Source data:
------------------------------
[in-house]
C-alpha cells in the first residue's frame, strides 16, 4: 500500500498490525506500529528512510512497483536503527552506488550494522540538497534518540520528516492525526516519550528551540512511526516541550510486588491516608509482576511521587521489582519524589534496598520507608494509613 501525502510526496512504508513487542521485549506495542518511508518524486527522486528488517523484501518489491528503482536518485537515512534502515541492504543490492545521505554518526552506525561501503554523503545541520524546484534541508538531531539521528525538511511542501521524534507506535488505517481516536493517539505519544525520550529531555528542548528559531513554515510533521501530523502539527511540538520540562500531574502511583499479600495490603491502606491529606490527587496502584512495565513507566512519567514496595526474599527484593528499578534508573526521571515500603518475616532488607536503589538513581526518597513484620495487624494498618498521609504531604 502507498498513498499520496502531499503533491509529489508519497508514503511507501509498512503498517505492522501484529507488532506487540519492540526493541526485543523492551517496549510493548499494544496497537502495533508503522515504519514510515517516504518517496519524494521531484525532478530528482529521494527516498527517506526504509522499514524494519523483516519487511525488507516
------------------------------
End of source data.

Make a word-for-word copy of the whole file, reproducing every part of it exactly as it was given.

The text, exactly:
[in-house]
C-alpha cells in the first residue's frame, strides 16, 4: 500500500498490525506500529528512510512497483536503527552506488550494522540538497534518540520528516492525526516519550528551540512511526516541550510486588491516608509482576511521587521489582519524589534496598520507608494509613 501525502510526496512504508513487542521485549506495542518511508518524486527522486528488517523484501518489491528503482536518485537515512534502515541492504543490492545521505554518526552506525561501503554523503545541520524546484534541508538531531539521528525538511511542501521524534507506535488505517481516536493517539505519544525520550529531555528542548528559531513554515510533521501530523502539527511540538520540562500531574502511583499479600495490603491502606491529606490527587496502584512495565513507566512519567514496595526474599527484593528499578534508573526521571515500603518475616532488607536503589538513581526518597513484620495487624494498618498521609504531604 502507498498513498499520496502531499503533491509529489508519497508514503511507501509498512503498517505492522501484529507488532506487540519492540526493541526485543523492551517496549510493548499494544496497537502495533508503522515504519514510515517516504518517496519524494521531484525532478530528482529521494527516498527517506526504509522499514524494519523483516519487511525488507516